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New breaking point for European recovered paper

New breaking point for European recovered paper
According to Geminor, the European recovered paper (RCP) market could see a 25 percent drop in prices as demand for packaging slumps and energy costs soar while RCP and paper inventories are fully stocked (photo courtesy Geminor).

The European market for recovered paper (RCP) is facing a rough ride in the months to come. According to Yasser Ismail, RCP expert at Norway-headed waste-based fuels and materials aggregator and supplier Geminor AS (Geminor), "a price drop of as much as 25 percent, combined with other factors, creates a new reality for the paper industry."

Paper production and the re-use of paper for recycling is a huge business in Europe. According to the Confederation of European Paper Industries (CEPI), the European Association representing the paper industry, the total pulp, and paper turnover reached EUR 95 billion in 2021, an increase of EUR 13 billion from 2020.

Paper and board production last year ended at 90.6 million tonnes in Europe, with a production capacity rate of just over 90 percent.

Sudden market change

Also, the first half of 2022 has shown industry growth – and what until recently seemed to be a full COVID recovery for the big players of the business.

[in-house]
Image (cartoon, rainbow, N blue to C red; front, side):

But by the end of July, we are seeing a radical change. The signs of a back-bouncing market were present back in May, but were not expected before Q4, remarked Yasser Ismail, Senior Account & Development Manager Germany at Geminor, and an expert in RCP.

According to him, some of the world’s largest packaging producers located throughout Europe are reporting a decrease in their recovered paper (RCP) demand.

This is because the market for packaging goods is under pressure and starting to tumble. Each of the German packaging mills announced for August an RCP reduction of 20 000 to 50 000 tonnes, or close to 15 percent down from normal offtake. In addition, several paper mills have brought forward or extended their necessary inspection and shutdown periods, said Yasser Ismail.

An extraordinary situation

Yasser Ismail has over 23 years of experience within the pulp and paper industry. He has not seen a quicker change in the packaging market since the 2008 crisis.

The European economy is facing an extraordinary situation with inflation running wild, a war in Ukraine, and prolonged shipping capacity issues. Naturally, this also affects the paper industry, and two factors, in particular, are creating these sudden challenges: A dramatic fall in general consumption, and a tripling of energy prices, Yasser Ismail said.

At the moment, both recovered and new paper stocks are full to the brim. This has a profound effect on the current RCP market prices.

Market price-related contracts for mixed paper (CEPI-Grade Code 1.01/1.02) and OCC (CEPI-Grade Code 1.04/ 1.05 and 4.03 Old Corrugated Carton) fractions have recently fallen by 30 to 80 EUR per tonne, or close to 25 percent from July to August, Yasser Ismail said.